Market Driven Comic Strips - Page 12
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Dilbert: I'm starting to realize that my market value as a single guy is higher than I thought. Men such as you have set the bar so low that all I need to do is have a job and be taller than most women in heels. I thought they were turned on by my tube clothing, but they actually like me for me. Wally: You're welcome.
Dilbert: I designed a flying car that harvests ions from the air to power itself. We can build them for only $3,000 apiece. CEO: There's no market for ion-powered flying cars. Dilbert: I can put a selfie camera in the steering wheel. CEO: Much better. And let' say the car does not fly.
Asok: Do you have any investment tips? Boss: You're asking the right person! I can teach you how to time the market, catch a falling knife, and invest in a dead-cat bounce. That's my system. Asok: What about diversification? Boss: I don't invest in anything I can't spell.
Lessons in Investing. Boss: You should buy a stock whenever the chart looks like a squirrel sitting on a clown's shoulder. That's called "technical analysis." Asok: I'm not going to do that. Boss: Good. Because it doesn't work if everyone does it.
Boss: Asok, you can beat market averages by doing your own stock research. Asok: So... you believe every investor can beat the average by reading the same information? Boss: Yes. Asok: Makes you wonder why more people don't do it. Boss: Just lazy, I guess.
Asok: I bought my first stock and it went up five percent in one week!That means I'm a stock-picking genius. I plan to max out all of my credit cards and become a day-trader. Dilbert: The total market is up six percent. Asok: That's just luck. It can't do that forever.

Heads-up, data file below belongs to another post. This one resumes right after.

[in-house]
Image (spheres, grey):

Asok: I followed your investment advice and lost all of my savings in the stock market. Boss: Did I mention that past performance is not an indication of future returns. Asok: Then... how does "advice" actually work? Boss: It only works for the people that give it.
Wally The Chief Economist. Tina: My interview with you is live on the website. Nothing you said made sense, so I strung together a bunch of economic jargon and called it your forecast. One Month Later. Computer: Only one economist accurately predicted when this bubble would burst. Dilbert: Uh-oh.
Woman: So, tell me a little about yourself, and be totally honest. Dilbert: Totally honest? Okay... I like technology more than I like people. I don't believe in free will, soulmates, or following my passion. I think life is a brief, meaningless event in a random universe that doesn't care. I only associate with other people because I have biological and economical needs. I think all human actions are driven by selfishness. Woman: Uh... okay. Do you have any questions for me? Dilbert: Am I still being totally honest or should I act curious?
Boss: Schedule your training during your lunch hours so it doesn't impact your projects. Dilbert: But... my lunch hour is the only freedom I experience in a typical day. The rest of my time is either scheduled to the minute or driven by whatever crisis is happening. Please don't take my lunch hour and reduce me to nothing but a prisoner in a digital chain gang. I'm barely clinging to my illusion of free will as it is. This could push me over the edge. If you take away my one hour of freedom in the day, I might as well be a robot. Boss: Relax. This is temporary. Dilbert: For how long? Boss: Until I can replace you with a robot.